No, Arabic Isn't A Tonal Language

Asma Wahba


Asma Wahba

No, Arabic Isn't A Tonal Language

We occasionally get asked by our students if Arabic is a tonal language. The answer is quite simple:

No. Arabic is not a tonal language.

It does not have tones like Chinese or Thai. You can't alter the meaning of words in Arabic by using a different intonation. Words carry the same meaning regardless of the pitch you use or the rising or falling intonation.

In a language like Chinese, you can take a word like ma and apply one of 4 different tones to the vowel, which completely changes the meaning of the word.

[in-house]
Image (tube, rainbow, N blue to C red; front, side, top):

Arabic does not work like this.

Features of Arabic that may sound like tones

However, there are some phonetics aspects of the Arabic language that might trick listeners into believing there are tones.

Some of the letters may be confusing in this regard, such as ع and ا.

Arabic also uses short and long vowels that alter the meaning of stems. Take for example the stem ركب:


passenger, riding


he rode

Just by lengthening the middle vowel, the meaning of the word changes significantly.

Another one is the hamza (ء), which produces a glottal stop in Arabic. Though this is a fairly common sound in many languages, it may appear to be tonal to the untrained ear.

Arabic isn't tonal

Hopefully that clears it up.

Arabic isn't a tonal language, despite what you may have heard.

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